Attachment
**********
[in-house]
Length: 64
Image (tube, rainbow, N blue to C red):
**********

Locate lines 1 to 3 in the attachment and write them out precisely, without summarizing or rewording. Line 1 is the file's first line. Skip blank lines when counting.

[in-house]
Length: 64
Image (tube, rainbow, N blue to C red):